Colors, flowers, elegance, balance: what sounds like a stroll through the Luxembourg Garden or a glimpse into the lobby of a palatial hotel is, this morning, an encounter with Isabelle Langlois in her shop on rue de la Paix, Paris’s runway for high jewelry.
Stephane Jaspert picks the cobblestone up from his desk and says, “Tourists often see Paris as a light and romantic city, but it’s a tough city, hard as rock.” We are high above the cobbled streets of Montmartre in Mr. Jaspert’s garret.
Imagine sitting in avant-garde style in Paris between 1951 and 1961. Pascal Cuisiner invites visitors to take a seat, or at least a view of a seat, in the lap of those years through an exceptional collection of 100 chairs from what he calls “the first modern French designers," presented at two locations in Paris.
An introduction to the alcoholic apple-based beverages cidre (hard cider) and calvados produced in Normandy.
April in Paris. Tulips are in bloom. The flaneuse dresses for an idle stroll, selecting from her wardrobe French-made lingerie, jeans and sweater, before putting on her French-designed sandals and setting out with her French-made umbrella. It’s a Made-in-France day, she thinks, a never-know-what-you’ll-find, never-know-who-you’ll-come-across day.
Protest and Progress A letter protesting the construction of the Eiffel Tower was published in Paris on February 14, 1887, less than three weeks after...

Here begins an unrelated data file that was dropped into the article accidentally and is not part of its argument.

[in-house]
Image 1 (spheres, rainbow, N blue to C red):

A photo vignette about street art and scaffolding covers, featuring animals at the National Veterinary School in Maisons-Alforts, a wall painted with attitude in Paris's 10th arrondissement and the capital's historical judicial complex where, sadly, everyone is now sentenced to Life.
We are often at a loss for words when we travel in continental Europe. It isn’t only the words for natural conversation that are lacking but also the vocabulary of the things we see. Vocabulaire Illustré de l’Ornament by Evelyne Thomas, an illustrated dictionary of the vocabulary of the ornamental and decorative elements of architecture and other arts, can help.
June 18, 2015—Two hundred years ago today Napoleon I (Bonaparte) was defeated at Waterloo. For much of the world (except perhaps for the British) Waterloo speaks far more about the fall of Napoleon and of France’s ambitions in Europe under his leadership than it does of the victory of the forces allied against him and against France.